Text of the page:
There is a tipping point at which once the perceived level of institutional corruption is reached, the peace experienced in a country plummets—for every slight rise in perceived corruption, a large decrease in peace follows. Most vulnerable are the institutions of security (the police and judiciary). Once a citizen believes they can no longer rely... Continue Reading
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Corruption contributes directly to insecurity. It has a corrosive effect on combat readiness and effectiveness, undermining the ability to meet national security threats.
In the early 2000s in Senegal, 75 percent of animal protein consumed comes from marine fisheries. Yet Russian, European, and Asian firms are increasingly overfishing in the country’s territory and threatening the sustainability of marine stocks as well as the livelihoods and food security of local Senegalese. Some of this fishing is illegal. More troublingly,... Continue Reading
Fixing a Fractured State? Breaking the Cycles of Crime, Conflict and Corruption in Mali and the Sahel
Militants, terrorists, and clans have taken advantage of the weak governance in Mali and the Sahel to expand and entrench criminal networks. To properly respond to this trend the international community and Mali should institute a new conceptual framework. It will need a nuanced understanding of the actors involved and their basis in community legitimacy,... Continue Reading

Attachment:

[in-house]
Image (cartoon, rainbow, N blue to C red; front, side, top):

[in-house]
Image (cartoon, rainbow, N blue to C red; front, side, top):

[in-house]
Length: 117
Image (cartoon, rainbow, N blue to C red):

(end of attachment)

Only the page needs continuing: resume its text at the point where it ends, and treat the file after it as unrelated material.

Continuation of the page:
ACSS hosted a public event on September 30, 2014, “Peacekeeping and Corruption: Taking Stock and Best Practices,” marking the release of Transparency International-UK’s handbook (Corruption Threats and International Missions: Practical Guidance for Leaders). The dialogue highlighted the undermining effect that corruption has on the effectiveness of peace support operations and the importance of making countering... Continue Reading
The December 23 elections in the Democratic Republic of the Congo, 2 years overdue, face serious credibility challenges. The repercussions of a faulty vote could further dampen the prospects for improved security and stability in the region and erode democratic norms across the continent.
Togolese citizens are ready to join West Africa’s democratic trend but face resistance from their long-time leader and politicized security sector.
Joseph Kabila seeks to maintain the status quo as the Democratic Republic of the Congo enters a transition amid growing instability.
In an interview with the Africa Center, Stephen Twebaze says that when MPs govern as representatives rather than political actors, even parliaments dominated by a ruling party can practice effective oversight.
A heavy-handed response to peaceful protests have become a test of Cameroonian identity as a multi-cultural state and set the country on the slippery slope of prolonged conflict.
In this Africa Center roundtable, Somalia's National Security Advisor shares his vision for establishing a stable Somalia. Priority reforms include strengthening oversight of the security sector and improving security support to rural communities most vulnerable to Al Shabaab.
João Lourenço’s first year in office has been marked by notable reforms and the consolidation of power. If ordinary Angolans are to benefit this momentum must continue, along with institutional checks that can curb the excesses of the past.